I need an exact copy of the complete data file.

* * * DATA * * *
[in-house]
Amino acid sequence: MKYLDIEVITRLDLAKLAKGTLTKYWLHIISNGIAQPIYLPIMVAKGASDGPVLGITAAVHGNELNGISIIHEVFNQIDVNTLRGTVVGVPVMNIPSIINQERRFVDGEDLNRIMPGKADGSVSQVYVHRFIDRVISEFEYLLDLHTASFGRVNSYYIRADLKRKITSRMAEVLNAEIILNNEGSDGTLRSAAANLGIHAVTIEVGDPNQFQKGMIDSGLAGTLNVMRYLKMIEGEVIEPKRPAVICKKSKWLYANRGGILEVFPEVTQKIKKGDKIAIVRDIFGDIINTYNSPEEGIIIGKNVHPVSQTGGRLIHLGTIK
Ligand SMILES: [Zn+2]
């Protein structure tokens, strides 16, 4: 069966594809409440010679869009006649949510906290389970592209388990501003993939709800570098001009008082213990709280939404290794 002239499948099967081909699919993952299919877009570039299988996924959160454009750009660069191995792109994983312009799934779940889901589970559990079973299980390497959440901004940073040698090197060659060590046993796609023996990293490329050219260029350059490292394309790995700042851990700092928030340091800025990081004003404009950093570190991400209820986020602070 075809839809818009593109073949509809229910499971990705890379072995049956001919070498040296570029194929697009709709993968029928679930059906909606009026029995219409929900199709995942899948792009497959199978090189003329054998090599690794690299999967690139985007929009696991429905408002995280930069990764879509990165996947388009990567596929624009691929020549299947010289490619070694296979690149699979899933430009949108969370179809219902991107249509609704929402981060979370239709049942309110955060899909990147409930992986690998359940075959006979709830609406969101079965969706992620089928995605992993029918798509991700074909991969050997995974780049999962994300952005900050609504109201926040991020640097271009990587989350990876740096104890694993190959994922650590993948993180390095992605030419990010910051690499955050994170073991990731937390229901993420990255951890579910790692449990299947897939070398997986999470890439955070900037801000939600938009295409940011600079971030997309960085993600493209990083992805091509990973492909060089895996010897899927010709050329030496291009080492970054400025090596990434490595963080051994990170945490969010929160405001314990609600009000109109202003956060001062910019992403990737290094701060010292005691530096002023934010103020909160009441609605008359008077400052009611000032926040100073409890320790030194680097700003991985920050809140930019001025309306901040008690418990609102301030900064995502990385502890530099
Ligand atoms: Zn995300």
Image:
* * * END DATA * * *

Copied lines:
[in-house]
Amino acid sequence: MKYLDIEVITRLDLAKLAKGTLTKYWLHIISNGIAQPIYLPIMVAKGASDGPVLGITAAVHGNELNGISIIHEVFNQIDVNTLRGTVVGVPVMNIPSIINQERRFVDGEDLNRIMPGKADGSVSQVYVHRFIDRVISEFEYLLDLHTASFGRVNSYYIRADLKRKITSRMAEVLNAEIILNNEGSDGTLRSAAANLGIHAVTIEVGDPNQFQKGMIDSGLAGTLNVMRYLKMIEGEVIEPKRPAVICKKSKWLYANRGGILEVFPEVTQKIKKGDKIAIVRDIFGDIINTYNSPEEGIIIGKNVHPVSQTGGRLIHLGTIK
Ligand SMILES: [Zn+2]
């Protein structure tokens, strides 16, 4: 069966594809409440010679869009006649949510906290389970592209388990501003993939709800570098001009008082213990709280939404290794 002239499948099967081909699919993952299919877009570039299988996924959160454009750009660069191995792109994983312009799934779940889901589970559990079973299980390497959440901004940073040698090197060659060590046993796609023996990293490329050219260029350059490292394309790995700042851990700092928030340091800025990081004003404009950093570190991400209820986020602070 075809839809818009593109073949509809229910499971990705890379072995049956001919070498040296570029194929697009709709993968029928679930059906909606009026029995219409929900199709995942899948792009497959199978090189003329054998090599690794690299999967690139985007929009696991429905408002995280930069990764879509990165996947388009990567596929624009691929020549299947010289490619070694296979690149699979899933430009949108969370179809219902991107249509609704929402981060979370239709049942309110955060899909990147409930992986690998359940075959006979709830609406969101079965969706992620089928995605992993029918798509991700074909991969050997995974780049999962994300952005900050609504109201926040991020640097271009990587989350990876740096104890694993190959994922650590993948993180390095992605030419990010910051690499955050994170073991990731937390229901993420990255951890579910790692449990299947897939070398997986999470890439955070900037801000939600938009295409940011600079971030997309960085993600493209990083992805091509990973492909060089895996010897899927010709050329030496291009080492970054400025090596990434490595963080051994990170945490969010929160405001314990609600009000109109202003956060001062910019992403990737290094701060010292005691530096002023934010103020909160009441609605008359008077400052009611000032926040100073409890320790030194680097700003991985920050809140930019001025309306901040008690418990609102301030900064995502990385502890530099
Ligand atoms: Zn995300």
Image: